With the launch of Windows 8, Tim Clegg, head of transformation at Calyx, discusses the options available for a desktop upgrade
The long awaited launch of Microsoft’s re-imagined operating system Windows 8 is now a reality.
Only a few months since its introduction and the platform is appealing to a wide range of users, thanks to its huge step change in functionality and performance. In fact, only three days after its launch, Microsoft chief, Steve Ballmer, confirmed the company had already supplied more than four million upgrades of the operating system. After one month, Microsoft announced it had sold 40m Windows 8 licences.
With so many users already, it is vital that businesses realise there are a range of services and options available which can help drive end-user device strategy.
Is Windows 8 for me?
Firstly, what is Windows 8? Well it’s a bold redesign of Windows 7 and it’s getting a lot of attention. Some journalists are highlighting it as the most important launch period in Microsoft history.
The software is the first designed with tablets and smartphones in mind, which is particularly important given the increasing use of such devices in the workplace. A single platform for smartphones, tablets, laptops and desktop PCs means that Windows 8, Windows RT and Windows Phone 8 all share the same base, file system and apps, which makes the workload of a businesses’ IT support team easier to manage and maintain. While working in the cloud and on hosted-desktop solutions employees can access their desktop and files from any location, with internet access and on virtually any device.
However, as with all IT solutions, businesses can’t take a one-size-fits-all approach and any expert managed service provider will be a strong advocate of this concept. There are several internal factors which need to be considered before implementation:
• Your current IT landscape, in terms of the end-user device and datacentre server estate
• Line of business and desktop applications in use
• Future infrastructure initiatives such as a unified communications project
• Legacy system implications
• User community location and blend (office, remote or home and hybrid workers)
• Security considerations
• Network capacity
External factors also play their part in the decision making process. For example, support for the XP operating system ends in April 2014, it’s important to remember that a typical desktop deployment project can take 12 months from decision to completed deployment, so in reality April 2014 is not that far off.
Working with an established managed service provider, businesses can easily identify their needs and find out how to best accommodate them, while embracing the full capabilities of the new Windows 8 platform. However, for any businesses looking to make the move, there are two key paths to consider:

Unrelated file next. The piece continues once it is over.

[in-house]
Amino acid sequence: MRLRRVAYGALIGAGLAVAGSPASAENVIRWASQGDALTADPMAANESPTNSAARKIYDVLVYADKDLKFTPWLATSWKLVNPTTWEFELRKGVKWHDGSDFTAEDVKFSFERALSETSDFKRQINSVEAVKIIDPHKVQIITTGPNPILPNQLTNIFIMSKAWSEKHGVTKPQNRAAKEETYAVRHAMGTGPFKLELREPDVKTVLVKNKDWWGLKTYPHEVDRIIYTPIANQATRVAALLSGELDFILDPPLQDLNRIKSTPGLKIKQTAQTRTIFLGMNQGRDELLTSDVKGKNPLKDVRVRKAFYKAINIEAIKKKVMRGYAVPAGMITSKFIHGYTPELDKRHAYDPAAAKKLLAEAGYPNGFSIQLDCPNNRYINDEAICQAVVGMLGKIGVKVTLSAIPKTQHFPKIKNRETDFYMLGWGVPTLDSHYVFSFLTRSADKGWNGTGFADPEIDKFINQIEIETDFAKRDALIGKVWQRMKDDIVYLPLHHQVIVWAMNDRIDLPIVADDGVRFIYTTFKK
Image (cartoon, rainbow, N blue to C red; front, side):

Full blown desktop operating systems upgrade
The decision to undergo a full desktop upgrade should be less about the choice between Windows 8 versus Windows 7, but more about considering the services required. It is also critical that applications and personal settings in use are re-deployed seamlessly to the appropriate users. If this means it’s more appropriate to move a business on XP to Windows 7 that is fine – businesses should consider the path which works best for them – there is no right or wrong.
For some organisations application access cannot be easily accommodated due to technology limitations. In this case, a hosted desktop solution can be the answer as it will deliver important applications to employees no matter where they are located and the end-user can use a variety of devices beyond their traditional desktop computer. In fact, just within the option of a hosted desk top, a business can choose from a virtual desktop infrastructure, a remote desktop service or a cloud-based service.
Shifting the delivery of application to a hosted desktop model also ensures that all data is stored in a central location, no matter what device it was used on. As a result, confidential company data and files will no longer reside on individual PCs and devices, giving businesses greater control in case of loss or theft, while employees can simply log on once to access all the information they need.
A hosted desktop also has a relatively small bandwidth requirement so it can operate effectively even on a 3G mobile data connection.
A new approach
Once a decision is made on the best implementation option, the full capabilities of Windows 8 can be released. Yet, it is important to consider that moving forward with Windows 7 is sometimes a better option for some organisations given varying external and internal factors.
The launch of Windows 8 marks a new era for Microsoft, in which users get the same experience across all their devices, which can help drive collaboration, productivity and performance. With a range of implementation options available it’s a business opportunity that shouldn’t be missed.